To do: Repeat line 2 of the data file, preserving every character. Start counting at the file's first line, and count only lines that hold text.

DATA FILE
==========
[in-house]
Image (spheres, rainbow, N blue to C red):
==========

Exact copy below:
Image (spheres, rainbow, N blue to C red):